Michael Herman stood on the balcony of his glassy condo, cradling his coffee. It was a gorgeous morning. The sun slanted over the Don River Valley and made the city skyline look like it was sparkling. He should have felt something like serenity. But, instead, a terrifying thought flicked through his mind. What, he wondered despondently, is the point of all this anyway?
Herman looked over the edge of the balcony. Then he stepped back from the railing. What is happening here? he thought. The darkness in his mind was entirely discordant with the rest of his life. At work, he was a partner and the general counsel at Gowling WLG, where he’d worked for eleven years. At home, he had a loving wife and so much to live for. “It scared the crap out of me,” says the 65-year-old. “I realized I must be seriously depressed.”
It was the summer of 2017. Herman was in the midst of a multi-year struggle with his health, but he had always thought of his ailments as physical. The first sign of trouble came, in August 2015, when he started to experience sporadic dizzy spells and an erratic heartbeat. A few weeks after the onset of these episodes, he passed out in a firm boardroom. He decided to see a cardiologist, who diagnosed him with atrial fibrillation — an electrical problem in the heart that causes it to misfire — and prescribed him medication.
That made things worse. Not only did the medication fail to ease his erratic heartbeat, but the side effects — intense fatigue and gastrointestinal issues, alongside flu and cold symptoms — were awful. “Between December of 2016 and February of 2017, I lost about 25 pounds,” says Herman. “I was sick and going to work. I was just doing the best I could.”
In March of 2017, he reached a breaking point. He took a leave from work and underwent a procedure called an ablation, which destroys tissues that can disrupt electrical signals in the heart. It did eliminate his erratic heartbeat, so, in June, he returned to work. But he still felt terrible. “I had tremendous fatigue,” he says. “I was achy and in pain. My digestion had gone completely haywire and I wasn’t retaining any nutrients.”
He tried to work through the pain, but after three weeks he went back on leave. Medical tests showed no illness. And his doctor told him there was nothing wrong. “I had all of these problems no one could explain,” says Herman. “My mental state was not great. I was agitated all the time.”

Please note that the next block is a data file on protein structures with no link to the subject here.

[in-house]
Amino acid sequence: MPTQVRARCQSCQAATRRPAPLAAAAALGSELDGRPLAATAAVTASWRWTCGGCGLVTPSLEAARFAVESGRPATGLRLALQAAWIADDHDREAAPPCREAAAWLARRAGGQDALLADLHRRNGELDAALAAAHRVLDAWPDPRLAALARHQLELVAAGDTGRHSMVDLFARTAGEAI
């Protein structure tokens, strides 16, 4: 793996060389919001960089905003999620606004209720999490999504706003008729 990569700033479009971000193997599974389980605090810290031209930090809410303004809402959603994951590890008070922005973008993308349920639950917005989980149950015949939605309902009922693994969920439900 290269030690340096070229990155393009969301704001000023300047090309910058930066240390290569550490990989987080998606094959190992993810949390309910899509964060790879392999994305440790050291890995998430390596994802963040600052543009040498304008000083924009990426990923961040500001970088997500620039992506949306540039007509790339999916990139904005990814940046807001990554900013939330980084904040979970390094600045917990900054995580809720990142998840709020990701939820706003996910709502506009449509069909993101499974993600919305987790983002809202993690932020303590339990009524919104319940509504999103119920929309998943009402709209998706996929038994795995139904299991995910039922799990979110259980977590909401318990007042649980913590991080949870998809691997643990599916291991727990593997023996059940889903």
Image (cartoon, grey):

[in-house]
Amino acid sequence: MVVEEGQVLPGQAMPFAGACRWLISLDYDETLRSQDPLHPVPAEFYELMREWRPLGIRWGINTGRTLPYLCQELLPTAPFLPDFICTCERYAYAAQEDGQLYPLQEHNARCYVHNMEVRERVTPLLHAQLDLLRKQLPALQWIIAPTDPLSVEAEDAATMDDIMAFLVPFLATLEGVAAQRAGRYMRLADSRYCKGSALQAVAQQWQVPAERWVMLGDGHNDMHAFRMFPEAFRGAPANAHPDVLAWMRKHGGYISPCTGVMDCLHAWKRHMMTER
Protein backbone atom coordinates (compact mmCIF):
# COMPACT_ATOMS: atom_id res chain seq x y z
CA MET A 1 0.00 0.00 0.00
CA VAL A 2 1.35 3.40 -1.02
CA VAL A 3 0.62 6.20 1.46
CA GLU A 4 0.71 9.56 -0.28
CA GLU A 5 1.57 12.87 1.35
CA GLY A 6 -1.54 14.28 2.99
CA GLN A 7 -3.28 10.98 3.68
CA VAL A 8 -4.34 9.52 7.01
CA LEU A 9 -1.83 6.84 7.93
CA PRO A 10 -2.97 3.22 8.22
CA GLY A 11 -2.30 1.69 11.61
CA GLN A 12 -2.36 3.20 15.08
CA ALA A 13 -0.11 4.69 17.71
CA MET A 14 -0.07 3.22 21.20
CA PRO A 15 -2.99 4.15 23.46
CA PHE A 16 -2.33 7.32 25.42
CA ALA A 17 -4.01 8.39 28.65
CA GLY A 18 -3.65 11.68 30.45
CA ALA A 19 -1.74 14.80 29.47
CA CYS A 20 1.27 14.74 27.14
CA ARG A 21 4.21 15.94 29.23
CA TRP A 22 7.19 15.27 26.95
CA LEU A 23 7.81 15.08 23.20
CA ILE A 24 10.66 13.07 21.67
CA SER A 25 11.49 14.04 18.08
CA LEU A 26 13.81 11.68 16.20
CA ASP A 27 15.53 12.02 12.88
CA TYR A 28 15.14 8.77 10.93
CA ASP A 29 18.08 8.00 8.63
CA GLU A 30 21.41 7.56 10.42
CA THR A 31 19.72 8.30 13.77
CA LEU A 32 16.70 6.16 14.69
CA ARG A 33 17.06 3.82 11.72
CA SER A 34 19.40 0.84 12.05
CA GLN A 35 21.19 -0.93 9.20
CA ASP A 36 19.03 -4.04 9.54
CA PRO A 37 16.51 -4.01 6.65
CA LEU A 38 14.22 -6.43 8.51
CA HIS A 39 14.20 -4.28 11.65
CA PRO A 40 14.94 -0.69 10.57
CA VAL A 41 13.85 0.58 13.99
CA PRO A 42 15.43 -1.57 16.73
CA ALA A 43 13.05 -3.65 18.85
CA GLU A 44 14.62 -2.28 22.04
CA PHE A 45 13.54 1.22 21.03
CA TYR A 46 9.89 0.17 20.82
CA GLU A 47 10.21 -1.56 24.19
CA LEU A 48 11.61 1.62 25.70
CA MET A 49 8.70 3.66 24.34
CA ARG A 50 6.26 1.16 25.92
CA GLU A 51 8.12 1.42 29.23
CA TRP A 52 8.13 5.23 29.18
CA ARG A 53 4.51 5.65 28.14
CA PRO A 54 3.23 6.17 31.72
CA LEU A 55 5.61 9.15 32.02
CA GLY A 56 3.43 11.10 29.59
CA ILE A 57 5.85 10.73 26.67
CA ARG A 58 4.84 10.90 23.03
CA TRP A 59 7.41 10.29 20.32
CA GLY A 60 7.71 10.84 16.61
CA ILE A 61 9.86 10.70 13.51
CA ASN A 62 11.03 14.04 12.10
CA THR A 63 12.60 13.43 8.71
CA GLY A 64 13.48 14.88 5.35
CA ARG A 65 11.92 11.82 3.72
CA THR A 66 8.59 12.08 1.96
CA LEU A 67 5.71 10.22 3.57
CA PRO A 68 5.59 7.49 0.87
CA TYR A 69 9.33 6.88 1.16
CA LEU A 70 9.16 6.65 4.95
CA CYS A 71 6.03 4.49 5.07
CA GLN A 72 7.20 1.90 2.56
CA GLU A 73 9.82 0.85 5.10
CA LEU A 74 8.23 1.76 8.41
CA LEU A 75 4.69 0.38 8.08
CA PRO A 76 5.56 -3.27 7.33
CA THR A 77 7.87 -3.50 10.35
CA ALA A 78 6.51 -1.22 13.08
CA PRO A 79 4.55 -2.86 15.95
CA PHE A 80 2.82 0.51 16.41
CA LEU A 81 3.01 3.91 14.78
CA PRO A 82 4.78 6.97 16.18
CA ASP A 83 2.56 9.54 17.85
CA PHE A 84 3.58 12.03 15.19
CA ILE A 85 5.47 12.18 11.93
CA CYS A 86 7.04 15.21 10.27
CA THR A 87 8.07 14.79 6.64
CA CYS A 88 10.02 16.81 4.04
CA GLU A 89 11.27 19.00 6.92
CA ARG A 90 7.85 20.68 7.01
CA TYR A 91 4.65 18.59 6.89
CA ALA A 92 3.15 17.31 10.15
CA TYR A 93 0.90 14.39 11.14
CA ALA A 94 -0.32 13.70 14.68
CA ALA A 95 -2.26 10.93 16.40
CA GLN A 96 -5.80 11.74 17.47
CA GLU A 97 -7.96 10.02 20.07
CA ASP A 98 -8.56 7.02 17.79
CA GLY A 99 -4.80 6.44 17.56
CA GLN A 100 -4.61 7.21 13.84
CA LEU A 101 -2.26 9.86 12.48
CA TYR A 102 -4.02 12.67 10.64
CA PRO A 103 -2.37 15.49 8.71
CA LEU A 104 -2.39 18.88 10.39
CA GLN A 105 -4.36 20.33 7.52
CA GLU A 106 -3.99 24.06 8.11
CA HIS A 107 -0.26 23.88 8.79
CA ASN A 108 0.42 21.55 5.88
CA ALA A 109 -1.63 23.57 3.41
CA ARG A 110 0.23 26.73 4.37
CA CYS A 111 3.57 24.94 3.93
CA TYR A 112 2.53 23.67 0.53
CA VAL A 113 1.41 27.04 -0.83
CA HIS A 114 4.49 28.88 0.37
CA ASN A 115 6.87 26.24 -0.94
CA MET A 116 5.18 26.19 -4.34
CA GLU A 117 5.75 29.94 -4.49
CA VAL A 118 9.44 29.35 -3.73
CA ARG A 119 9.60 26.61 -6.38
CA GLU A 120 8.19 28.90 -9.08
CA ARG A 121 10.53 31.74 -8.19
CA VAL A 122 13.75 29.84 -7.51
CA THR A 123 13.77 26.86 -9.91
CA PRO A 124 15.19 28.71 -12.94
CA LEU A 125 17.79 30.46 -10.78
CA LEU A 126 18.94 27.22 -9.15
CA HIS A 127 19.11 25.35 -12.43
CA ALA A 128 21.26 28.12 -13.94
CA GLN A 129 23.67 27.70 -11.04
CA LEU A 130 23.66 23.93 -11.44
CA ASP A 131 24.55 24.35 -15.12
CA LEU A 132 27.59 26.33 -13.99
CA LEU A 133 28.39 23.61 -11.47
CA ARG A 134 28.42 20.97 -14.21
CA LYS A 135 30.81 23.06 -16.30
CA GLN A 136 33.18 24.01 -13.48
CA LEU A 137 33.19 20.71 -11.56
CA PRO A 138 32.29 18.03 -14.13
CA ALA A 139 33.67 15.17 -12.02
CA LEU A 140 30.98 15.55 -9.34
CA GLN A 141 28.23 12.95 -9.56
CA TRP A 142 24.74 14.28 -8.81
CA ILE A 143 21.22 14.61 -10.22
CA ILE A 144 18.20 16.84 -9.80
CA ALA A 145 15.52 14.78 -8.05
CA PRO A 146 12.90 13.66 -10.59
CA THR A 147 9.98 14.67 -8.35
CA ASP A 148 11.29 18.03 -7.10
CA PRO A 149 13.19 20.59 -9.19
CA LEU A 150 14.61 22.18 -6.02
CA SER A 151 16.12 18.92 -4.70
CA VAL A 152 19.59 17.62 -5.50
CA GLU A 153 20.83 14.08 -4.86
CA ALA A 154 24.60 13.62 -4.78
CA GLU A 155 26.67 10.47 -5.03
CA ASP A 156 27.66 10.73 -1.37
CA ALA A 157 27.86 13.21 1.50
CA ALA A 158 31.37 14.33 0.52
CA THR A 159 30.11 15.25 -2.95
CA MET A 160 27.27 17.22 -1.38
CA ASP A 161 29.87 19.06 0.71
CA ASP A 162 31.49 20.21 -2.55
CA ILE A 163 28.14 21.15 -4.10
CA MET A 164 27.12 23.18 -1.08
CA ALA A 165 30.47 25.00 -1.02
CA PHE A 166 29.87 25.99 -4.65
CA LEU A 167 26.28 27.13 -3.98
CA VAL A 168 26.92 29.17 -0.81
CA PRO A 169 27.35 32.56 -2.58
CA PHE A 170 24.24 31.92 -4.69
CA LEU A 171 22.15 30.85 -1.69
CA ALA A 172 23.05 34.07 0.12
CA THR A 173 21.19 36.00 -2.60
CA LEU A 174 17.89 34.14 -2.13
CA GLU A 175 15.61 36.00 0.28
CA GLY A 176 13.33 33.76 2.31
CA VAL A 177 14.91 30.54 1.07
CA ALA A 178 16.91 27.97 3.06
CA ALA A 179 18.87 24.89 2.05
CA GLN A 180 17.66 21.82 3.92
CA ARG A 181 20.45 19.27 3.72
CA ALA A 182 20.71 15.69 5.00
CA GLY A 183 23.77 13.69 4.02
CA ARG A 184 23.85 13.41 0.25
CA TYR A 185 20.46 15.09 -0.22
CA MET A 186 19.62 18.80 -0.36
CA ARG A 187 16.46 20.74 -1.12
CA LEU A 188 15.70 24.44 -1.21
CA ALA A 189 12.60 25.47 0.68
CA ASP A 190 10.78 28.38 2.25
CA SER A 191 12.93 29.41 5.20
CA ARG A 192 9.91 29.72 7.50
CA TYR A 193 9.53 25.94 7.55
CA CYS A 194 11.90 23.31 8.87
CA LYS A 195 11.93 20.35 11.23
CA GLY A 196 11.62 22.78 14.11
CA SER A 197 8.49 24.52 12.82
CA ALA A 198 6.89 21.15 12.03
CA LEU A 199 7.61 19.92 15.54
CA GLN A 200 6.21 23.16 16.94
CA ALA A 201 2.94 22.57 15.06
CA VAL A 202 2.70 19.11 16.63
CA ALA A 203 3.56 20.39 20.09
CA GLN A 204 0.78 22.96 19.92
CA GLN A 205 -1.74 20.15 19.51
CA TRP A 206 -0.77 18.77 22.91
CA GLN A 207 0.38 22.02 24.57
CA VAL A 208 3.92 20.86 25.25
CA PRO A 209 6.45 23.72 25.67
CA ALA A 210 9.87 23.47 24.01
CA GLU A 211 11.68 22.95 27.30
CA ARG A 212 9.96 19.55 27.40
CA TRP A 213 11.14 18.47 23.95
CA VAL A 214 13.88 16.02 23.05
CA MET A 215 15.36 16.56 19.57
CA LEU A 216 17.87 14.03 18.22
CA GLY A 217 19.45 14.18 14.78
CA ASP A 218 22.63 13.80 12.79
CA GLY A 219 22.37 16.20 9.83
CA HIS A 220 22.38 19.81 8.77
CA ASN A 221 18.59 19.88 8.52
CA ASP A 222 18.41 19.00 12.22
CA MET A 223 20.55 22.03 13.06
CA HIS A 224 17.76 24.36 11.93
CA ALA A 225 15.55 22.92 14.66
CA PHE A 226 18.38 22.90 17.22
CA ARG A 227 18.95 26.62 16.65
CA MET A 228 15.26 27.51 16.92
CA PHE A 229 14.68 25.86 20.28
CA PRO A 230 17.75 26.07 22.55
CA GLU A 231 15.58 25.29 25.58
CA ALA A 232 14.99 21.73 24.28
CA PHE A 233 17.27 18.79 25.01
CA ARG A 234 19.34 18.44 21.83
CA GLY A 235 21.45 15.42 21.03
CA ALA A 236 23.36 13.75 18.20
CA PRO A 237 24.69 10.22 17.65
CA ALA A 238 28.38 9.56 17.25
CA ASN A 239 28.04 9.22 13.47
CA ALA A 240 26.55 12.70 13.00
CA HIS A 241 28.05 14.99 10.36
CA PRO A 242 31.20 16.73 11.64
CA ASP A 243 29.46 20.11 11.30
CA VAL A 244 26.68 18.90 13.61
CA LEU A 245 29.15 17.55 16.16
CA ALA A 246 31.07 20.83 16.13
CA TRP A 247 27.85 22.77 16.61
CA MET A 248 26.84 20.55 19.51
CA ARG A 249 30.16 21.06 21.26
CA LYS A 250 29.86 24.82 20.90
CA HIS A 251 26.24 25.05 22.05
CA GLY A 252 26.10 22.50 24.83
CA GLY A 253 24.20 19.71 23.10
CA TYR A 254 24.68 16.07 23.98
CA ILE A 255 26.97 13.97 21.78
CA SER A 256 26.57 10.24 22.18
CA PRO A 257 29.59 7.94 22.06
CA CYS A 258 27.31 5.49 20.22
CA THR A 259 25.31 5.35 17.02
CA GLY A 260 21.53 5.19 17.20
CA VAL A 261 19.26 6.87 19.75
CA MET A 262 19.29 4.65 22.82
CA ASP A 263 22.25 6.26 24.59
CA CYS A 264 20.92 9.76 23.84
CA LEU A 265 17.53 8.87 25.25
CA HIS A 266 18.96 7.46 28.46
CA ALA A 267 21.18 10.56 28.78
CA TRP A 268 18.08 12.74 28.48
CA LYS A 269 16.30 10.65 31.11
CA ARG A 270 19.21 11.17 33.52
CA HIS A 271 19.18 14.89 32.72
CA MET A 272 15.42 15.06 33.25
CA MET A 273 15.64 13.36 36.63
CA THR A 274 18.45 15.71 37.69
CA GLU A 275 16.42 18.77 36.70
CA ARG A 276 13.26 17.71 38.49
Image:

That’s when Herman, standing on his balcony, first questioned whether there was a point to his life. It was at once terrifying and revelatory. Herman had always expected that, once he dealt with his heart problems, his life would return to normal. But he now saw that his mind was sick, too.
By this point, Herman started to take care of his mental health. He met with a psychiatric specialist, who diagnosed him with depression and prescribed him a mild dose of antidepressants. He started to see a therapist and found a nutritionist. And he began to exercise on a stationary bike and practise yoga.
Slowly, he began to feel better. And as his mental health improved, he gradually began to return to work. First, it was a few hours a day working from home. Three months later, he spent three days a week at the office. And in February of 2018, he returned to work full-time.
Back at the office, Herman disclosed his condition to the firm’s internal managing partner, Tina Woodside. She was unequivocally supportive. “As we have more conversations about mental health, I believe we’re reducing stigma,” says Woodside. “People are becoming more comfortable in coming forward to discuss their mental health, which is a very good thing.”
So why did it take Herman so long to consider that he might be suffering from a mental illness? “Self-care is a dirty word in our profession,” he says. “We are so determined not to show any weakness.” In his view, this increases the likelihood of denial. Herman, afraid to betray any vulnerability, never wanted to confront the fact that his mind might be unwell.
The legal profession, he argues, should change. “We need to create an environment where people feel safe and comfortable,” he says. “People need to feel like they can make mistakes and the world isn’t going to come to an end.”
There is no quick fix, however. Mental illness is incredibly complex. Even with treatment, Herman hasn’t untangled the root cause of his depression. It could have been environmental, the result of a long career in a high-stress profession. It might have been ignited by his physical health issues, which dogged his life for several years as his doctors struggled to explain his symptoms. Or it may have been genetic, biding its time but there all along.
When Herman stands on his balcony now, watching the morning sun rise over the skyline, he holds a cup of hot water with a slice of lemon. He spends this first part of the day journalling, instead of reading his emails right away. He’s also learned that, as a lawyer and a person, it’s okay to say that he doesn’t know the answer. “I try to put what I do as a lawyer in perspective,” says Herman. “It’s only part of who I am. And while I will always strive for excellence, hopefully I can accept that I don’t need to be perfect. The recovery never ends. I hit bumps, I hit obstacles, I hit challenges. And that’s okay. It takes intention and attention, but it’s okay.”
This story is from our Spring 2019 Issue.
Photography by Ian Patterson